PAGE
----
Haig: In terms of pricing, conditions are still excellent for sellers. Valuations at dealerships have declined slightly along with the decline in earnings, but goodwill is at least twice as high as what might have been expected before the pandemic. This is not to say that all sellers will see their wishes come true. Some sellers simply have unrealistic expectations in terms of blue-sky values. And certain franchises are hard to value today, given questions about inventory, their EV strategy and OEM production levels. But we are confident that leading franchises in almost every town in the U.S. will have numerous willing buyers. It is still a seller’s market.
ABOUT HAIG PARTNERS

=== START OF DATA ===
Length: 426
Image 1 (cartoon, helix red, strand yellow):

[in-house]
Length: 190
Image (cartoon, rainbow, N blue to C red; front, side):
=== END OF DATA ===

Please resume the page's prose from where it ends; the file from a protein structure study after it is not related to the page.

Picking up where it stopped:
Haig Partners LLC helps dealers maximize the value of their businesses when they are ready to sell. The team at Haig Partners has unmatched experience, with executives from leading retail dealer groups and financial institutions. The team has advised on the purchase or sale of more than 540 dealerships worth more than $9.4 billion and has represented 26 groups that qualify for the annual Automotive News list of the Top 150 Dealership Groups, more than any other firm. Haig Partners leverages its expertise and relationships to lead clients through a confidential and customizable sales process that also maximizes the value of their businesses. It publishes the Haig Report, the industry-leading quarterly report that tracks trends in auto retail and their impact on dealership values, and co-publishes the National Automobile Dealers Association’s guide Buying and Selling a Dealership. For more information, visit www.haigpartners.com or contact Alan Haig at [email protected] or (954) 646-8921.